Author Topic: Sour Golden Strong ECY 001  (Read 1874 times)

Offline GolfBum

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Sour Golden Strong ECY 001
« on: March 11, 2013, 05:59:30 PM »
I pitched bugs on my Sour Golden Strong after the the clean yeast ate it down to 1.040 from 1.078. This was about two months ago. I haven't seen a pellicle yet and I know that sometimes it takes a while to get one and sometimes you won't. I'm not too worried about it because the beer smells sour.

My question is when pitching bugs on an already partially fermented beer do you shake up the carboy or just pitch the bugs and let them be? I didn't really shake the fermenter because I was told the bugs don't like oxygen.

Offline lornemagill

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Re: Sour Golden Strong ECY 001
« Reply #1 on: March 11, 2013, 07:33:38 PM »
it would probably be best to let it be after pitching the bacteria.  micro oxygenation can/does occur in barrels or most containers over time and can add to the character/flavor but my experience is shaking or airlocks drying out is probably not so good.  taste it and see what you think.

Offline tschmidlin

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Re: Sour Golden Strong ECY 001
« Reply #2 on: March 11, 2013, 10:16:33 PM »
I don't aerate, I just pitch the bugs.  No problems getting a pellicle, but then I almost always use the Roeselare blend.  I haven't used ECY001.
Tom Schmidlin

Offline GolfBum

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Re: Sour Golden Strong ECY 001
« Reply #3 on: March 12, 2013, 05:16:23 AM »
Thanks for the replies guys. I'll just let it be. This is my first time using ECY001 and was curious. I'll try the roeselare blend next sour batch.

How is the roeselare blend? How sour does it get?

Offline tschmidlin

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Re: Sour Golden Strong ECY 001
« Reply #4 on: March 12, 2013, 09:16:22 AM »
I've gotten varying levels of sour out of it, it seems to depends on how much you leave it to work with.

The WL lambic blend though, that gets intensely sour.  I tried that in a split batch next to the Roeselare, it was so sour it was insane.  I ended up blending it with the Roeselare to try to cut it, and back sweetened it with a bunch of apple juice concentrate.  It was still so strong I called it "you can't handle the sour" when I poured it in the hospitality suite at the conference in SD.  It was the first keg to kick. :)
Tom Schmidlin

Offline kylekohlmorgen

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Re: Sour Golden Strong ECY 001
« Reply #5 on: March 12, 2013, 09:40:30 AM »
How is the roeselare blend? How sour does it get?

The initial pitch of this blend is pretty unremarkable.

If you continue to use the dregs, the results get MUCH better. Sourness picks up as well depth.

I like the amount of sour I get from the lambic blend, but I don't care for the flavor profile. I'd like to try it in combo with different brett strains or mixed cultures.
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Offline tschmidlin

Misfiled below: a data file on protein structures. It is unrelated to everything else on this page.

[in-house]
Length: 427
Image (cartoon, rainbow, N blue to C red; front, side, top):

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Re: Sour Golden Strong ECY 001
« Reply #6 on: March 12, 2013, 10:10:11 AM »
How is the roeselare blend? How sour does it get?

The initial pitch of this blend is pretty unremarkable.
Wow, I totally disagree.  I only ever use a fresh pitch, and I think it is outstanding.  Maybe I need to try repitching to see what could possibly make the outstanding look unremarkable. ;)
Tom Schmidlin

Offline reverseapachemaster

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Re: Sour Golden Strong ECY 001
« Reply #7 on: March 12, 2013, 03:08:27 PM »
I love the lambic blend flavor profile and sourness but I don't like it in anything beyond the pale/light/wheat wort of lambic. I used the dregs of a couple bottles of lambic made with WY Lambic Blend to sour a very dark ale. It's fairly sour but really, really funky. Far more so than the lambic itself, which I suspect is due to more flavor contributions from the specialty malts for brett to manipulate.
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Offline kylekohlmorgen

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Re: Sour Golden Strong ECY 001
« Reply #8 on: March 13, 2013, 05:12:10 AM »
How is the roeselare blend? How sour does it get?

The initial pitch of this blend is pretty unremarkable.
Wow, I totally disagree.  I only ever use a fresh pitch, and I think it is outstanding.  Maybe I need to try repitching to see what could possibly make the outstanding look unremarkable. ;)

I guess the "unremarkable" was relative. I did a side by side with a Flanders Red recipe: 5-gal with only a pitch of Roselare and 5-gal with a mixed pitch of Jolly Pumpkin, Cuvee Renee, and Upland dregs. Just proving to myself that maintaining mixed cultures from bottle dregs was worth the effort.

The next batches into these fermenters were both superior to their predecessors, and with the initial batches a year older in kegs, I had four batches to blend!

Didn't take the opportunity to use the same cakes for a third go-around - I'm still really curious on how many batches I can do before quality drops off for one reason or another.
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